Today’s post is from our long-time collaborator, Dr. Matthew Post of the University of Dallas, who offers us some thoughts on Brian Greene and his distinctions between facts and values.
In a recent TIME article, Brian Greene, director of Columbia’s center for theoretical physics, asserts that there is no moral order, no purpose to the universe, and no human liberty. To quote him from the article, “Your particles are just obeying their quantum-mechanical marching orders. You have no ability to intercede in that quantum-mechanical unfolding. None whatsoever.” Today, we confront crises that raise questions about the value of science as well as about our commitment to liberty. Thus, how we understand human rationality, morality, and freedom is as important as ever, if not more so.
But first: Who is Brian Greene? In addition to his position at Columbia, he directs not one, but two World Science Festivals, one in New York City and another in Brisbane, Australia, which have hosted close to 3 million people, with over 40 million online views. He has hosted several PBS TV series and written five books that are well-known for introducing complex concepts of physics, including string theory, to a popular audience. In short, Brian Greene is a consummate and most prolific educator.
I suspect that he might also be a classical educator’s nightmare, which would only be reaffirmed by Greene’s admission: “I have some students come in crying. And they say, ‘This is kind of shaking my world up,’ and I say to them, ‘That’s not a bad thing. It’s fine to have your world shook. The pieces may fall back in the end to where you were, and they may not.” I suspect that some classical educators would want to keep their children as far away from Greene as possible, to shut him out of the discussion.
But this is only part of the picture. At the same time, he speaks with sincerity of how Beethoven’s Ninth Symphony, the Mona Lisa, and Romeo and Juliet are “wondrous,” of how the “spectacularly unlikely” occurrence of life is “thrillingly magnificent,” of “making the world a better place,” and even of how the “majesty of religion” cultivates community, connection to forbears, calm in the face of morality, and so on. He does not speak of religion condescendingly, as good for others to believe, but not the enlightened scientist. He even finds benefits in it personally: “When I’m looking to understand myself as a human, and how I fit in to the long chain of human culture that reaches back thousands of years, religion is a deeply valuable part of that story.”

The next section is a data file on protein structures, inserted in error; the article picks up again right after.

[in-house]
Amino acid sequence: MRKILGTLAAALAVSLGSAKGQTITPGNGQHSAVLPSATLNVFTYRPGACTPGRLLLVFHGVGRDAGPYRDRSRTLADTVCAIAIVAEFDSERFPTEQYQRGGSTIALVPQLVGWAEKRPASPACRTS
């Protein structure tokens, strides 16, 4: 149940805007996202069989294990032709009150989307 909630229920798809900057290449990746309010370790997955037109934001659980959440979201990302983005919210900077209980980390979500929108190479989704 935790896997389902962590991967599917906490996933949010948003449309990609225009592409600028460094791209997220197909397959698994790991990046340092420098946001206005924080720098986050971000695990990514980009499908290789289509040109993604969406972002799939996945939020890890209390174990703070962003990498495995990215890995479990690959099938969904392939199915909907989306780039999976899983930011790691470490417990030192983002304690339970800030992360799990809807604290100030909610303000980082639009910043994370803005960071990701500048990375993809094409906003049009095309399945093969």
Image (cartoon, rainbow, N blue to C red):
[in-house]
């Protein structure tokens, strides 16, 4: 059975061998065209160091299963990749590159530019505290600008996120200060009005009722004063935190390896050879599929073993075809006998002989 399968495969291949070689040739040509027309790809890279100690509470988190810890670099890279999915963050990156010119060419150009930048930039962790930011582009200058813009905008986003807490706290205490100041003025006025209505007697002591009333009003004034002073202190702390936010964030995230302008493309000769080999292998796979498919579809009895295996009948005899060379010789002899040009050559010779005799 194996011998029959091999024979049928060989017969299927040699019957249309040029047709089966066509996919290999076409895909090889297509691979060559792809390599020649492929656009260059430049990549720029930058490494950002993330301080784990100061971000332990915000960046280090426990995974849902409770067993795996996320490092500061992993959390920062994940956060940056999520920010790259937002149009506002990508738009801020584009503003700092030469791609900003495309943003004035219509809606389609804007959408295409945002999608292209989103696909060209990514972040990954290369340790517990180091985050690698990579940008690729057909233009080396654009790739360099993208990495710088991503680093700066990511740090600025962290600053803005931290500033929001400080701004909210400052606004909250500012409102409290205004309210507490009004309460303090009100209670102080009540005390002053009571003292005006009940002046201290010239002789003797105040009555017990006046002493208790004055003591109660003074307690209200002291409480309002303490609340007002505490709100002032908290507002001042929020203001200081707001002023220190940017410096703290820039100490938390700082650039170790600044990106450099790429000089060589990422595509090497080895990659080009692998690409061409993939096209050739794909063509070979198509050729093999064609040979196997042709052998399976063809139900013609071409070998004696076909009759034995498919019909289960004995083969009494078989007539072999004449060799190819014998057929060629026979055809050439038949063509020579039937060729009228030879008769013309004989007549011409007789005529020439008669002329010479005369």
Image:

How does he reconcile these two positions? Quite simply, he draws a very sharp distinction between fact and value, between the “cosmological narrative” that denies all meaning and the “deeply and thoroughly subjective reasons for being.”
Greene willingly takes on the -isms one would attribute to him: reductionist, materialist, physicalist. But he is also a determinist and it is here that a problem may emerge. If I have no freedom and I happen to believe in a particular profession of faith, that’s because the “quantum-mechanical unfolding” has determined that I should believe so, regardless of whether it’s actually true or not. I have no say whatsoever. However, if that’s true of religion, why isn’t it true of everything I believe or think? But plainly, according to determinism, it is. Thus, if I were a reductionist, materialist, physicalist, and determinist, I would think all those things, whether they were true or not. If my thoughts are truly determined and I speak of a genuine fact, then it’s just a happy accident, but I’ll never even really know… because I’m determined in what I think is a fact.
This observation doesn’t refute Greene’s determinism per se. He may yet be right about that—but only by accident. The logic of determinism leads to the conclusion that we can never truly know anything, scientific or otherwise, not even determinism itself. If I insist that I know determinism is a fact, I must, according to my own position, admit that I cannot know any facts.
We hold value (e.g., religious belief) and fact (e.g., scientific knowledge) apart, but we can only do so for so long before they collapse together again.
I do not say this to take a shot at a great scientist who has accomplished much, and whose fame rests not with his determinism, but rather to point out that no classical educator need fear their children learning from a justly lauded scientist. The key, as always, is education. I think a child already educated in rigorous thinking will not be easily misled by any individual’s confidence in reductionism, materialism, physicalism, or determinism—because, in fact, they all remain open questions. And there are plenty of physicists who take free will, or something like it, seriously. So when it comes to morality and freedom, let us not be so hasty in deciding what is possible, or what is a value, what a fact. There is still much to consider, to discuss, and to learn.
And so what if determinism is incoherent? To quote Greene: “It’s fine to have your world shook. The pieces may fall back in the end to where you were, and they may not.”
Dr. Matthew Post is the Assistant Dean of the Braniff Graduate School at the University of Dallas and a Fellow of the Institute for Classical Education. He also directs the master’s degree in classical education at the University of Dallas. This past summer, Dr. Post led an online course on Thucydides’ Education in Virtuous Leadership for the Academy for Classical Teachers, an ongoing collaboration between the Institute for Classical Education and Great Hearts Professional Development Team.